Bankruptcy Law Questions? Ask a Bankruptcy Lawyer.
Bankruptcy is a useful tool for those truly in need of assistance. If she were to file, she could discharge the debt she does not want to keep, but reaffirm those debts she wishes to continue with - like her house payment.
Her retirement accounts should be safe in the bankruptcy. Also, the student loans are not dischargable - so she'll have to keep them.
It is probably worth it to at least have a consultation with a local bankruptcy attorney to discuss her options.
Your answer felt like it was computer generated and not by a 'live' lawyer specializing in bankruptcy. I don't feel it gave me any direction.
I am trying to assist my sister. One thought was for me to take over her credit card dept and get it paid off for her, with her closing out all of her credit card accounts. Is that a bad idea? Neither she nor I would want to see her go via Bankruptcy. It ruins your credit for at least 10 years. What are the ramifications for years to come should she choose to file bankruptcy? What are your thoughts on my taking over her credit card dept? At $30k, that would take me several years to pay off, to be honest. Thanks again and sorry if I am being a pain. Tom
What I tried to do was assess what could and could not be discharged to allow you and her to decide whether it is worth filing.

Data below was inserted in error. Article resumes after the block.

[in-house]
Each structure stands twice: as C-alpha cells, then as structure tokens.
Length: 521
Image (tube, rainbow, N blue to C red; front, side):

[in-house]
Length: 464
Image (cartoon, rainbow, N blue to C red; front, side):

I would not advise you to take on any of her debt. You've probably got your own obligations and you should take on this burden. It is great if you want to help her pay down these debts by making payments, buy I would not advise you to transfer the accounts over to you. Also, it's a great idea to close the accounts.
You're right that bankruptcy is a tough decision and it lingers with you for a long time. If she can avoid it, I would certainly advise her to take that direction. If she files bankruptcy, her credit will not be ruined, but it will be severely damage it. She would be getting credit card offers 6 months after she was discharged. However, car loans, house loans, etc. are harder to come by because you're dealing with bigger loans and more risk to the lender.
Feel free to ask any additional questions! Glad to help.